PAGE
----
This stunningly eclectic collection reveals why John Moscowitz is one of the keenest minds among this generation of North American Rabbis. He is that rare Jewish leader who doesn't wait for consensus or approval. John never hesitates from speaking the truth as he understands it. John reminds us all that confronting reality takes precedence over loyalty to comfortable ideological beliefs. 
– Yossi Klein Halevi, author of Like Dreamers
What an experience it is to read Evolution of An Unorthodox Rabbi. The depth, the clarity of thinking, the unique writing voice — it's all there and so refreshing. Some of the passages trace history in important ways and will, thus, withstand the test of time — in particular, those on September 11, Israel, and the beautiful sermon on gay marriage. John Moscowitz is a wonderful writer. 
– Rabbi Ammiel Hirsch, Stephen Wise Free Synagogue, New York
You had the imagination to realize that there are special obligations that go with being the rabbi at the oldest congregation in the city. You had influence on a generation and directly influenced the largest Jewish community in this country, allowing people to hear what they would not otherwise have and to think what they might not have thought.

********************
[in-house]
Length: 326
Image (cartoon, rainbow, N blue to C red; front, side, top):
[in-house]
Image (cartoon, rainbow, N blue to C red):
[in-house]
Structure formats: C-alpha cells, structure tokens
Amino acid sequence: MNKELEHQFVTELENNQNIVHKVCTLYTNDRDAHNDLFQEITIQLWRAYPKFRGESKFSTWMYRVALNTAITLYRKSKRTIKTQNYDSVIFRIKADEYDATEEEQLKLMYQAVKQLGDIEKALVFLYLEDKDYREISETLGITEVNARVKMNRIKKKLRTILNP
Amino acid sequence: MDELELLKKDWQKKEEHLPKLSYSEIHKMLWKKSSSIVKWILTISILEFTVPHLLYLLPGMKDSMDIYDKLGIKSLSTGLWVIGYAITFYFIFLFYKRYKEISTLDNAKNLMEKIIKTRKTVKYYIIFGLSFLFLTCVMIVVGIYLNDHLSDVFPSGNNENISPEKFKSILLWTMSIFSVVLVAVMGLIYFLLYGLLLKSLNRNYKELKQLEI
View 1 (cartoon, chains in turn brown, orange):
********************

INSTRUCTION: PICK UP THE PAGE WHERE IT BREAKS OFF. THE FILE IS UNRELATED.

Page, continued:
– Norman Doidge, M.D., author of The Brain that Changes Itself
Rabbi John Moscowitz always makes me feel thoroughly at home and in the company of an old and trusted friend. The incisiveness of his mind is only matched by his heart's courage.
 Dr Michael B. Oren, author of NYT bestseller Ally and former Israeli ambassador to the US
Martin Krossel's Review in Mosaic read here
Martin Lockshin's Review in The Canadian Jewish News  read here

John Moscowitz spent his early twenties as an anti-Vietnam War activist. Eventually dubious about the radical left and alive with love for Israel, he entered the rabbinical seminary in search of his own people. This set him on a path to becoming, as Senator Linda Frum put it, one of Toronto’s “most cherished and effective rabbis.” In this book, John Moscowitz charts the shifts in his thinking on the charged matters among the Jews today: the viability of peace in the Middle East; how we misjudge the nature of evil; and, once having been exposed to the savannahs of East Africa, even the relationship between evolution and the Bible. Part memoir, part social history, this book is a deep examination of a long personal journey, one travelled in public as a prominent rabbi. Along the way, it captures what unites and divides an ancient people today.

 

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